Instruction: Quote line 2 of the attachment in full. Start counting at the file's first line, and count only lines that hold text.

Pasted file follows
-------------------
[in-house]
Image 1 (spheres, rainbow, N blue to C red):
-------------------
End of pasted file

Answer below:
Image 1 (spheres, rainbow, N blue to C red):